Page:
My new hunting buddies are at considerable distances from me, out of sight and bullet range-understandably so. You could say my father and I hunted too closely, but in actuality, my father didn’t really hunt when he was with me. He gave up the deer for me to shoot. In his mid-50s, after more than 30 years of hunting, it was more important to him that his daughter get a shot.
We would walk hand in hand in the snowy woods at the end of the day, rrifles slung, more relaxed about being together than alert for an opportunity shot. I wouldn’t be caught dead holding my dad’s hand in public back home where one of my friends could see me. Out here it was different.
I didn’t care if I shot a deer back then, although I did bag a few before he died. I just loved being outdoors. Because my father took the time to take me doe hunting (buck camp was reserved for my brothers), I fell deeply in love with the natural world and have had a hard time “coming in” ever since. Because of my father’s gift, I have a career as an outdoor travel writer to feed my addiction and my family.
Taking the Shot
I come back to the present moment and realize that I’m shivering, uncontrollably. Time to move. I head down the bending road to check on Rob. Pow! That shot was close. I hear running in the dry leaves and immediately crouch down. “You’re in the open, you dummy!” I say to myself. Why didn’t I sit 10 more seconds? Then I see her, 15 yards away. She’s coming right toward me! I raise the barrel and hear my father’s calming words-“Safety off. Put the crosshairs right on her shoulder. It only takes one bullet. Make the first one count. Take a deep breath, exhale, squeeze.” Bam!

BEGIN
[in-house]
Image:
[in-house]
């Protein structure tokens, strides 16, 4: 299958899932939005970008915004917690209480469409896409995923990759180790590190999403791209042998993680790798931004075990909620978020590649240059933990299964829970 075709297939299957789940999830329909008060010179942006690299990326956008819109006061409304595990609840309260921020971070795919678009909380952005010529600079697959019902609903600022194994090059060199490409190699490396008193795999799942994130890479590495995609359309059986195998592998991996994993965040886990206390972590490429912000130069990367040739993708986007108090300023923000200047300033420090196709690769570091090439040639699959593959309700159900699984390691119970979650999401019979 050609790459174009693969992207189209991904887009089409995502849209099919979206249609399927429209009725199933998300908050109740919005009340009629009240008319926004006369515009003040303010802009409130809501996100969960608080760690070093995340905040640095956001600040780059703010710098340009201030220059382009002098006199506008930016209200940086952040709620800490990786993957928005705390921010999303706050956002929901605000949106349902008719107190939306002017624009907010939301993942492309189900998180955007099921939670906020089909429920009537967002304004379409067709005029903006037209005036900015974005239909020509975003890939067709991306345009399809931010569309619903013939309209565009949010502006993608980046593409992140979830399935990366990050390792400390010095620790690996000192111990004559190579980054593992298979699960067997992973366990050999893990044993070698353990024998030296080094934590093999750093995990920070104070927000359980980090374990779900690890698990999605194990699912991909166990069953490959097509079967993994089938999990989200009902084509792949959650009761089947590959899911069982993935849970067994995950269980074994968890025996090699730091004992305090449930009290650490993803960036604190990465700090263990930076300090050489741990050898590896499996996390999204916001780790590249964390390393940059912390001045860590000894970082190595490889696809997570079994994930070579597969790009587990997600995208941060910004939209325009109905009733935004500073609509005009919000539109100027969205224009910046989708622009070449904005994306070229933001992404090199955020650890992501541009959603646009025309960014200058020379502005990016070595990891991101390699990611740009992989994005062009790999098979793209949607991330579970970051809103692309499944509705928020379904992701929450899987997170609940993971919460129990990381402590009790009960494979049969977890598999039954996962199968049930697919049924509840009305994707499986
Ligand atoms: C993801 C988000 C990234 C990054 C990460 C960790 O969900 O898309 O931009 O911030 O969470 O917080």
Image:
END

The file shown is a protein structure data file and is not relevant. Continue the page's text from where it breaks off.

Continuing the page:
I look through the eyepiece. She’s gone! I scan the woods but I don’t see her anywhere. I lower my rifle and am shocked to see the doe lying on the ground. I run up to her limp body and am hit by a wave of both remorse (“What have I done?”) and elation (“Hurrah! I got her!”). Tears stream down my face and I kneel to pet her soft fur. “Thank you,” I say, “for giving up your life.” I know the Native Americans honor their kill this way, and it feels right. Suddenly, a ground breeze sweeps by and pulls just a few leaves into a tiny tornado, a sign I’ve always felt was my father’s spirit saying he was with me.
Rob and Chuck are just thrilled over my success, almost as much as my father would have been. They lend me their drag rope and coach me through the gutting. All three of us get a deer this opening morning, early enough for me to treat my hunting buddies to lunch.
After my father died, I thought I would let hunting go by the wayside, and I did for nearly 20 years. But I’ve realized through this hunt that this is the place to go when I need to feel him, out here in our element, with his .30/06 in my hands.